You don’t need to do these every day. Just on the days that you sit… :)

But seriously, remember these are 5 exercises you should do if you sit all day, so doing them at the end of each day to reverse your posture is a great idea. Many people who sit for a really long time like to perform them during the day as well.

As you get comfortable with them, you may find that certain ones help you feel better than others. Feel free to add repetitions to those as needed.

 

Want a Comprehensive Online Training Program?

champion strong online training - multiple devices

We’re super excited to now offer our amazing online training programs.  You can now train from a distance using the same programs we use at our gym Champion PT and Performance with many of our clients.  We have a ton of options to choose from based on your goals.  All of our programs are designed to give you a comprehensive program to follow at the gym that focuses on helping you look, feel, move, and perform better.

We’re really proud if it. Click below to learn more and sign up for less than $1 a day:

 

Sorry, Sitting Isn’t Really Bad for You

Over the last several years, the health concerns surrounding sitting have really been highlighted by the health and fitness crowds, as well as the mainstream media.  In fact, there have been entire books published on this topic.  I’ve seen articles with titles such as “Sitting is Evil,” “Sitting is the New Smoking,” and even “Sitting will kill you.”

Wow, those seem pretty aggressive.  We’ve been sitting since the beginning of time!  I’m going to really shock the world with this comment…

Sorry, sitting isn’t really bad for you.

Yup.  There is nothing wrong with sitting.  I’m actually doing it right now as I write this article.  You probably are too while you read this article.

Don’t get me wrong, sedentary lifestyles are not healthy.  According to the World Health Organization, sedentary lifestyles increase all causes of mortality and raises the risk of health concerns such as cardiovascular disease, diabetes, obesity, cancer, and even depression and anxiety.

But let’s get one thing straight:

It’s not sitting that is bad for you, it’s NEVER moving that is bad for you.

By putting all the blame on sitting, we lose focus on the real issue, which is lack of movement and exercise.  We are seeing a shift in people switching to standing desks at work, still not exercising, but thinking that they are now making healthy choices.

This is so backwards it boggles my mind.

It it all begin with the negative myth that “sitting is the new smoking” and completely ignores the true issue.

The body adapts amazingly well to the forces and stress that we apply to it throughout the day.  If you sit all day, your body will adapt.  Your body will lose mobility to areas like your hips, hamstrings, and thoracic spine.  Your core is essentially not needed while sitting so thinks it’s not needed anymore during other activities.  And several muscles groups get used less frequently while sitting and weaken over time, like your glutes, scapular retractors, and posterior rotator cuff.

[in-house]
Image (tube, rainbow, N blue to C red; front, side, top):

Your body is a master compensator, and will adapt to the stress applied (or not applied) to make your efficient at what you do all day.

Unfortunately, when all you do is sit all day, and you never reverse this posture or exercise, your body adapts to this stress to make you the most efficient sitter.
That’s right, you get really good at sitting.

For example, think about what happens to the core when you sit all day.

One of the functions of your core is to maintain good posture and essentially to keep the bones of your skeleton from crashing to the floor.  The core is engaged at a low level of muscle activity throughout the day for postural needs.

The problem with sitting is that the chair also serves this function, so your core isn’t needed to keep you upright, the chair serves this function. If sitting is all you do, then when you stand up, your core essentially isn’t accustomed to providing this postural support so you rock back onto your static stabilizers by doing things like standing with a large anterior pelvic tilt and lumbar extension.

bad sitting posture isnt bad for you core control

Unfortunately, this becomes the path of least resistance, and most energy efficient, for your body.  Your core gets used to relying on the chair to function, then when you need it, gets lazy.

Despite what you may read in the media, it’s OK to sit all day.  That is, as long as you are reversing this posture at some point.  This can be as specific as exercises designed to combat sitting and as general as simply taking a walk in the evening.

 

3 Strategies to Combat Sitting All Day

I want to share the 3 things that I often discuss with my patients and clients.  You can apply these yourself or use them to discuss with your clients as well.  But if you sit all day, you really should:

  1. Move, Often
  2. Reverse your posture
  3. Exercise

But the real first step is to stop blaming sitting and start focusing on the real issue.  It’s lack of movement and exercise that is the real concern, not sitting.

 

Step 1 – Move, Often

The first step to combatting sitting all day is to move around often.  The body needs movement variability or it will simply adapt to what it does all day.

I get it, we all work long days, and sitting is often required in many of our jobs.  But the easiest way to minimize the effects of sitting all day is to figure out ways to get up and move throughout the day.

This doesn’t need to be 10 minutes of exercise, it could simply be things like getting up to fill up a water bottle or taking quick 2 minute walk around the office.  When I am not in the clinic or gym, I personally tend to work in my home office.  What I do is try to work in one hour chunks, so I will get up and walk around in between chunks to get a glass of water, snack, or use the bathroom.